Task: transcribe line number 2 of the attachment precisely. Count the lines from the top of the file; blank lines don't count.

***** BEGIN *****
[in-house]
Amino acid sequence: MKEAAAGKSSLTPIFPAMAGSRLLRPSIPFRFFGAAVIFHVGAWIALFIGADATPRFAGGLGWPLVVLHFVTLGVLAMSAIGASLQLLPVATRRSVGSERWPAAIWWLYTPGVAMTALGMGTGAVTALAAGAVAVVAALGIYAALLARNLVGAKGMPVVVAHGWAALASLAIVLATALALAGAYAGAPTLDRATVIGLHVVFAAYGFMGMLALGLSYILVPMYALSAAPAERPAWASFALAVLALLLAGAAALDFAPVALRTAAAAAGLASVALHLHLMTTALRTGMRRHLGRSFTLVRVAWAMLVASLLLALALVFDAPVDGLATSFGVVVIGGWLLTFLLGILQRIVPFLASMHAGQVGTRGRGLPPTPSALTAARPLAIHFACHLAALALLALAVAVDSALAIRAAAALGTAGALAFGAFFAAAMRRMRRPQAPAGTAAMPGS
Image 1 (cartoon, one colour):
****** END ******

Amino acid sequence: MKEAAAGKSSLTPIFPAMAGSRLLRPSIPFRFFGAAVIFHVGAWIALFIGADATPRFAGGLGWPLVVLHFVTLGVLAMSAIGASLQLLPVATRRSVGSERWPAAIWWLYTPGVAMTALGMGTGAVTALAAGAVAVVAALGIYAALLARNLVGAKGMPVVVAHGWAALASLAIVLATALALAGAYAGAPTLDRATVIGLHVVFAAYGFMGMLALGLSYILVPMYALSAAPAERPAWASFALAVLALLLAGAAALDFAPVALRTAAAAAGLASVALHLHLMTTALRTGMRRHLGRSFTLVRVAWAMLVASLLLALALVFDAPVDGLATSFGVVVIGGWLLTFLLGILQRIVPFLASMHAGQVGTRGRGLPPTPSALTAARPLAIHFACHLAALALLALAVAVDSALAIRAAAALGTAGALAFGAFFAAAMRRMRRPQAPAGTAAMPGS